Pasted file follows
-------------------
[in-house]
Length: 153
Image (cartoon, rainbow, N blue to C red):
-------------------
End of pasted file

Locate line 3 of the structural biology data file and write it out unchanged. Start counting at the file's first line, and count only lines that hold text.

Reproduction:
Image (cartoon, rainbow, N blue to C red):